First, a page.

Busting out of traditional notion of school demands taking risks

Maybe I’m too close to it. I’ve started schools, run schools, taught in schools, gone to school, visited schools – and they all look pretty much the same.

As I imagine what schools might look like, I bump up against my preconceived and ingrained notions of what school has always been – seat time, mandated testing, teacher credentialing, students in rows of desks, classroom management, staffing, custodial needs, and on and on and on. These stereotypes throw up barriers to any new notion of what schools could actually be. And I know that I am not alone. Even “breakthrough models” of schooling are currently organized around these traditional structures.

This coming weekend’s Maker Faire Bay Area (May 19-20) takes my insane hobby of imagining what future schools might look like into sharper focus. EdSurge and  Maker Faire created a pavilion focused on DIY learning in schools – schools that will need to look and function much differently to support this type of learning.

Even with this, I cannot help but think that they won’t look much different than today – unless:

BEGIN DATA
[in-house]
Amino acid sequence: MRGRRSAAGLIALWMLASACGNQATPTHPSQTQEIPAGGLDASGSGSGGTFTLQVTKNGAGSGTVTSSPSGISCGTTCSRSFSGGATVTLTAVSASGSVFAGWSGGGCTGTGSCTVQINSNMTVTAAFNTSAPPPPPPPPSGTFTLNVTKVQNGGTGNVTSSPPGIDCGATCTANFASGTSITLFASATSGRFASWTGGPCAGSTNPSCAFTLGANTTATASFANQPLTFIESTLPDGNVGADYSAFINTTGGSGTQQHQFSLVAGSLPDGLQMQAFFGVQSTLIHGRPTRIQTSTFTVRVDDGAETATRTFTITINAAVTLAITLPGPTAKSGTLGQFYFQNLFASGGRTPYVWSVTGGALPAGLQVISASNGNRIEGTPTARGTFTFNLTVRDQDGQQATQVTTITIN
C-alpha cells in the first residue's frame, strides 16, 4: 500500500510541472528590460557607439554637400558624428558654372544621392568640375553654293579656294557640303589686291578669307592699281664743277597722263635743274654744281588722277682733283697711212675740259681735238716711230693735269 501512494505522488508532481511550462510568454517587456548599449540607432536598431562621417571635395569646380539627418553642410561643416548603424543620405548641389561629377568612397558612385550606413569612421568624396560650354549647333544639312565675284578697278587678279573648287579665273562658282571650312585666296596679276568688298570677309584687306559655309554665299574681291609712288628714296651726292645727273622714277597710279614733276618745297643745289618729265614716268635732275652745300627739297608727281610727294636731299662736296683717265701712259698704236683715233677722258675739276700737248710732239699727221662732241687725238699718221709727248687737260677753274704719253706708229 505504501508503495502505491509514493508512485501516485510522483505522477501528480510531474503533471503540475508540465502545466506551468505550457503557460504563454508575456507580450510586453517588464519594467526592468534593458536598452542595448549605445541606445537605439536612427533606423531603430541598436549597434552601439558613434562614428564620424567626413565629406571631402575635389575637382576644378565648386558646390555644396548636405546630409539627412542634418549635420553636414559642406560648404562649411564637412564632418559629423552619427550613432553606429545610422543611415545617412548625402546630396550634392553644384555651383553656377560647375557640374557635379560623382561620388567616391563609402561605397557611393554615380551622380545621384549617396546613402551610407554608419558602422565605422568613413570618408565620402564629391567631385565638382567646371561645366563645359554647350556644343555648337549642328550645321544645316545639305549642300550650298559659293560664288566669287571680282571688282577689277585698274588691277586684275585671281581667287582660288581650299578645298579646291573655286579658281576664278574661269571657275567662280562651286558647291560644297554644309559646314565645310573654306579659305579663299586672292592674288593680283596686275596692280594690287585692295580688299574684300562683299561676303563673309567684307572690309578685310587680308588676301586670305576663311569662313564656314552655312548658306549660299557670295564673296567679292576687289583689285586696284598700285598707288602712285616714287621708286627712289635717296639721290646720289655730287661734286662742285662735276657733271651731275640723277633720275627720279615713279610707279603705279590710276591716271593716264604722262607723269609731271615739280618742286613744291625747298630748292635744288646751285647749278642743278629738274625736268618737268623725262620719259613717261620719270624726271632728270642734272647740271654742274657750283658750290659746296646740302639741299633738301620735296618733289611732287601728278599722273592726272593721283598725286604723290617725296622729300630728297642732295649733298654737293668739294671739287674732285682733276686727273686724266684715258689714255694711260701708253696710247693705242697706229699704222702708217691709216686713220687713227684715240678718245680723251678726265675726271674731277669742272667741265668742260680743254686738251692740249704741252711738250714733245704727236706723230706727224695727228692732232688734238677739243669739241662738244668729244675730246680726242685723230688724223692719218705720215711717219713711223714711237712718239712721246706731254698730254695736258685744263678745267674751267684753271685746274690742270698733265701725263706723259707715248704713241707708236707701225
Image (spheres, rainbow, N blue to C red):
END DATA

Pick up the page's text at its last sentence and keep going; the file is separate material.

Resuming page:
• We become comfortable with taking risks in schools;
  • Technology becomes more seamlessly interwoven into student learning experiences;
  • Online content providers evolve beyond video lectures with multiple-choice assessments.

Risk is a four-letter word

Our school systems fail in very predictable and repetitive ways. The same schools have been failing the same demographics of students for generations. And yet when something even slightly different is suggested to improve learning outcomes, we ask for a deep evidence base that proves this new strategy has worked before.

Alex Hernandez, of Charter School Growth Fund, proposes a FabLab for school – a place where educators and wannabe educators can try out their new models of schooling in a risk-tolerant and safe environment (after school and summers).